“Just try to make it today, and tomorrow will be another battle.”
Like many, I thought of COVID-19 as something that happened to other people. I read and wrote about it, but always in the context of it happening to others. I often attached it to other issues like health or social justice or governance. COVID was a subject.
I tried not to get news of the virus get me down or make me anxious. I learned to “unplug” from time to time. Meanwhile, we at my household tried to balance fear with reasonability, making decisions and taking calculated risks whenever we had to (or wanted to) go out. Just recently, I suggested we should go for the family goal of not ever catching COVID-19.
But the virus caught up with us, as it did with many other families.
Three of my four kids tested positive. I myself developed a cough despite testing negative twice. As of this writing, the ordeal is not yet over.
My two boys are still isolating with their older sister and her partner who also tested positive. Meanwhile, my other daughter and I are holed up at my apartment, taking care of the logistics like deliveries, food, medicine and other needs. It’s good that our units are in the same building albeit on different floors. A small wooden table at their door serves as our link.
I’ve had a chance to enumerate my takeaways from the past few days and I’d like to share them here.
First, it is good to imagine scenarios. The phrase “Ano ang gagawin natin kapag (What will we do if)….?” helped us immensely. It allowed us to anticipate different situations and, like a flowchart, manage developments. Often, if we are faced with an emergency, we cannot think clearly. It helps to know exactly what to do just in case A or B comes up. It lessens your sense of helplessness, and increases the likelihood of your making prudent decisions.
Second, find your distraction. People have come up with many ways to cope with the uncertainty of the past two years. But when COVID barges into your home, you have to have something to take your mind away from the constant unsettling feeling. Catch up on your reading, watch movies or plays or shows, play an instrument. Tidy up or clean. Create something. Work – our jobs are sometimes a blessing that way.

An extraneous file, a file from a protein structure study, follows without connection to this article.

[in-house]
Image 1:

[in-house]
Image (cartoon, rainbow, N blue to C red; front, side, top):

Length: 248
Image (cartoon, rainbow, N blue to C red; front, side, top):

Third, accept the fact that there are some things you can’t really know for certain. For instance, how, when and where did the COVID transmission happen? Why is Person A sick and why has Person B remained healthy despite being both close contacts of the same person? What lies ahead? When will all this end?
Fourth, it is really easier to live with the idea of contracting the virus than of passing it on to someone. This is the basis of all our actions, and why we must isolate if we have symptoms even without the benefit of testing. We might be healthy and suffer only minor symptoms, but the next fellow may not be as lucky. This is basic courtesy and consideration – basic humanity, actually.
Fifth, everyone in the family has a role to play. If the cases are mild, chances are, your patients will also be looking for ways to get their minds off their situation. So delegate – if they can’t get out of the house, at least they can help source items or make online purchases. Keep track of expenses in a common file on Google Drive. Make grocery lists, plan meals and schedule medicine intakes. Anything to lessen the variables.
Sixth, realize that times may be hard, but these will not last forever. In a week or two, things are bound to improve – not just your patients’ symptoms, but your general outlook. Just try to make it today, and tomorrow will be another battle.
Seventh, we can really make technology serve us. For example, even though the family cannot yet eat meals together like you used to, video calls can help recreate the feeling of eating together. Depending on the quality of your internet connection, you can still see each other and tell stories while eating. This was how my son and I got into a discussion on whether it was “appropriate” for a woman to send drinks to a man in a bar (guess which position I took). FaceTime is not quite the same as actual face time, but it’s a reasonable substitute.
Eighth, humor will save you. Don’t discount the power of a laugh over a silly episode – even if it means laughing at yourself. I was stumped when I ordered bananas from the supermarket and got puso ng saging instead. Or when I was presented with a plastic doll (arms akimbo and with a crumpled face) that looked like me when I am stressed.
Ninth, continue to count your blessings. You have work piling up? That’s good – you can still work from home. You’re still able to communicate with your loved ones. Nobody is in the hospital when this same virus that they have has killed tens of thousands already in the past two years. Be thankful you are just bored – it means you have the capacity and desire for doing more.
Finally, be reminded that other people are going through the same ordeal without the conveniences you enjoy. They cannot isolate in comfort as you can. For millions, isolation means not working and not having money for food.
And then you will realize why you have to speak up when you see something wrong, why you have to rail against injustice and incompetence and corruption, and why you have to vote and vote wisely in May.
While we isolate, or quarantine as the case may be, let us take the opportunity to be silent and clear not just the clutter in our homes but that in our minds. It’s a tough opening for the year, sure, but it’s only the first month. We cannot control everything that happens to us, but we can control how we respond to our challenges and decrease the likelihood of their affecting us adversely.
Just because we are told that at least half of the population will get COVID does not mean we should drop the fight. Let us take even greater care to keep ourselves healthy so that we may be able to take care of those who truly need our help.